To mathematicians, Grigori Perelman's proof of the Poincaré conjecture qualifies at least as the Breakthrough of the Decade. ...At the end of the article, it mentions how the New Yorker magazine generated some artificial controversey by publishing a misleading article with distorted quotes.
While bringing new results to topology, Perelman's work brought new techniques to geometry. It cemented the central role of geometric evolution equations, powerful machinery for transforming hard-to-work-with spaces into more-manageable ones. Earlier studies of such equations always ran into "singularities" at which the equations break down. Perelman dynamited that roadblock.
I've wondered how the New Yorker magazine can brag about their meticulous fact-checking and still get this story so completely wrong. I think I just got the answer.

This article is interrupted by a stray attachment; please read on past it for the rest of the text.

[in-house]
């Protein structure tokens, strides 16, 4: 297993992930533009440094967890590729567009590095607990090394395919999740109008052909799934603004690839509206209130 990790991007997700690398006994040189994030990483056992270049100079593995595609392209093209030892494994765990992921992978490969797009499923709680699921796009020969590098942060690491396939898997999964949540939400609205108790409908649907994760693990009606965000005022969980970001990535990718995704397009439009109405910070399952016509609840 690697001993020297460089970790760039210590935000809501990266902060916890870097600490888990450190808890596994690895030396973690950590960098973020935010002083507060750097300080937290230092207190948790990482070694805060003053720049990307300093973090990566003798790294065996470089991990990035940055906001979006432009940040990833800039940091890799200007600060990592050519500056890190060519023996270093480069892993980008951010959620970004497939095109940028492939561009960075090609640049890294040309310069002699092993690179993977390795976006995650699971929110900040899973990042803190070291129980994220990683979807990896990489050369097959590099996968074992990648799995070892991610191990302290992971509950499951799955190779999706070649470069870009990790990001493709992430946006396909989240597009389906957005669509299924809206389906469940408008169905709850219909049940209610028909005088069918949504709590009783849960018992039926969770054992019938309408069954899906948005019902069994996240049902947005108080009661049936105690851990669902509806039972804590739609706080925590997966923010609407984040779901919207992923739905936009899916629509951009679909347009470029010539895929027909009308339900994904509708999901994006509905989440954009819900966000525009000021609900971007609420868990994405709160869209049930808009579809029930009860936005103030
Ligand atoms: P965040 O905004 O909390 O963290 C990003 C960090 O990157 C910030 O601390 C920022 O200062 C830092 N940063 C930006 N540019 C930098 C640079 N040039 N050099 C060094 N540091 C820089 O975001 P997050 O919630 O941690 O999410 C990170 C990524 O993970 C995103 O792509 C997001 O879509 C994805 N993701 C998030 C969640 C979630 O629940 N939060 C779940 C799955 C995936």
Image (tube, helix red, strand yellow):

I just listened to a lecture from science journalist K.C. Cole (given to Annenberg school on Sept 30, 2005). She said that when she wrote for the New Yorker, she had to sign a 35-page contract forbidding her to consult with any experts about the correctness of what she was writing. She said that science writers sometimes do it secretly out of necessity, but that they can get fired if they get caught.
Q. To what extent do you use scientific consultants in your writing, to look over your articles and make sure they are scientifically valid.That explains a lot. I've noticed journalists with a reluctance to show their work in progress, but I had always assumed that it was a matter of personal pride or objectivity. I had no idea that they might be contractually obligated to turn in unchecked work.
A. [Cole] Well, the law is that you are not allowed to do that. You are not allowed to show the article. When I worked for the New Yorker, you had to sign a 35-page contract that assures you are not going to do that.